Of the 5 cities my family and I visited this summer, my kids enjoyed Lisbon the most. If you only have 24 hours in Lisbon, here’s what my son suggests.
POSTED BY POWEE CELDRAN
Lisbon, the capital of Portugal (called Lisboa in Portuguese) is surprisingly not a very large capital city and it can be explored in a day if you have a lot of energy. Lisbon is found at the mouth of the River Tagus, the largest river in the Iberian Peninsula which starts in Spain and flows through Portugal. There is a lot of history in Lisbon and lots of things to see dating back to different eras. Most are walking or tram distance from each other, except for the Belem district which is at the mouth of the river. When it comes to the appearances of streets, buildings, and squares, Lisbon is unique for having Azulejo tiles in the walls of buildings, black and white patterns on the pavements of squares called Calçada Portuguesa, and the purple Jacaranda trees.
Lisbon in a day begins at the flat downtown Baixa district, continuing uphill to the Chiado and Bairro Alto districts, then further west to the Belem district at the mouth of the river where the famous tower and monastery from the Age of Discovery of the 15th-16th centuries are found.
Start you morning at the Baixa District and the Santa Justa Lift
The lower town of Lisbon located at the bottom of the hills and at the waterfront is the Baixa district known for its grid pattern streets and the main squares of the city – Comercio, Rossio, and Figueira. The most famous landmark on the western edge of the area is the Santa Justa Lift ( Elevador de Santa Justa ) also known as the Carmo Lift.
It connects the lower district of Baixa to the upper parts of Lisbon including Bairro Alto. Constructed between 1900 and 1902 by French engineer Raoul Mesnier in the same architecture as the Eiffel Tower it was built to lift people up to the upper parts of Lisbon without having to walk up the steep hills.
Today, the more than a century old elevator will cost some euros. The lines are long so I suggest you take pictures of the lift from below and then walk up the steps at the side of the street to Carmo Square where the lift brings people to. You get the same views of Lisbon without having to pay to ride the lift.
The Santa Justa Elevator leads up to the Carmo Square and the Carmo Convent which dates back to 1389 but the structure seen today was damaged by the 1755 Great Earthquake of Lisbon. The Carmo Convent is one of the only sites in Lisbon kept as a visible trace of the earthquake’s damage. Beside it is Carmo Square with its purple Jacaranda trees originating in Brazil, a former Portuguese colony. From the Carmo Square it is just walking distance to the Chiado district, one of Lisbon’s main shopping districts.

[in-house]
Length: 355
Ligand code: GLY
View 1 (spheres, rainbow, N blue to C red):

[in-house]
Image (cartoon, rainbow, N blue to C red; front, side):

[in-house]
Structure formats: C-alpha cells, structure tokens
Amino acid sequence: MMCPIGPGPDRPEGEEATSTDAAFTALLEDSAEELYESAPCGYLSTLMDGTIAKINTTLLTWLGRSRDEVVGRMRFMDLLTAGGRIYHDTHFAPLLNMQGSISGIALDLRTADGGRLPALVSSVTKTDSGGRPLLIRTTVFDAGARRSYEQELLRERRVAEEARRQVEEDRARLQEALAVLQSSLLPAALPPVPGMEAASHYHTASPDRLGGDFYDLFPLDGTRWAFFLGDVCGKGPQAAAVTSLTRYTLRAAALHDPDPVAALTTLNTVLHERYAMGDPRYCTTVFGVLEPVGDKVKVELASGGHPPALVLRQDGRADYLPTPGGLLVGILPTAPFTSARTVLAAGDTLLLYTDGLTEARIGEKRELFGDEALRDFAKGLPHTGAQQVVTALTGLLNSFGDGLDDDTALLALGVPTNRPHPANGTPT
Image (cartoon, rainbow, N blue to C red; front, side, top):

Have lunch in the Chiado district. There are many restaurants and cafes to choose from. Be sure to have Bacalhau.
Ponte 25 de Abril and the Carnation Revolution
Take a tuktuk to Miradouro de Santa Catarina. One of the most iconic landmarks of Lisbon is the massive red suspension bridge that spans over the mouth of the Tagus River. This bridge is known as the Ponte 25 de Abril, built in 1966 as Ponte Salazar named after Portugal’s long time 20th century dictator, Antonio Salazar. The bridge was renamed to 25th of April Bridge to commemorate the Carnation Revolution of April 25, 1974. This bloodless revolution brought an end to the regime of Salazar’s dictatorship and began the democratic Portugal.
Modeled after the Golden Gate Bridge in San Francisco, California, it was also built by the same American company. The bridge starts in the town of Almada where the Cristo Rei statue inspired by the Christ the Redeemer statue in Rio de Janeiro can be found.
From the city center of Lisbon, a good viewpoint to view the massive bridge over the Tagus with the Cristo Rei statue behind it is at the Miradouro de Santa Catarina.
Try to catch the sunset at the Belem District
You’ll need to take a cab or the bus. On the other side of Lisbon is the Belem district, where most of the events of Portugal’s Golden Age of Discovery took place. Major landmarks include the Jeronimos Monastery originating in 1501 with an impressive Manueline style façade. Inside it are the tombs of Portugal’s greatest figures of the age of discovery like the explorer Vasco da Gama and the poet Luis de Camoes. Facing the mouth of the river is the large Monument of the Discoveries. As you continue walking west from the monastery you will find another impressive structure, the Torre de Belem, one of Lisbon’s most visited landmarks, a 16th century Manueline architecture fortress tower guarding the mouth of the river and a lighthouse for ships that would sail in and out. The Belem district is also famous for something else, Pasteis de Belem, Portugal’s famous custard dessert which originated here.
In front of the monastery is a large map on the floor showing the discoveries of the Portuguese from the early 15th to mid 16th centuries.
Get ready for dinner. But first see the church that survived the great earthquake.
At the edge of the Bairro Alto district overlooking the lower town of Lisbon is the Church of Sao Roque (Igreja de Sao Roque), the first Jesuit church in Portugal and in the Portuguese world originating in the 16th century. This Renaissance and Baroque style church surprisingly is one of the few buildings in Lisbon that survived the 1755 earthquake. For a time it had the most expensive chapel in Europe which is the Capela de Sao Joao Baptista. From outside the church has a simple white façade, but don’t underestimate its outer appearance. Its interior has a painted flat ceiling made to look like a 3D baroque ceiling, the walls are decorated with azulejo tiles, and there are richly decorated chapels.
Continue to explore Bairro Alto. This is the night life district of Lisbon. A great place for dinner and drinks.
Thanks for reading.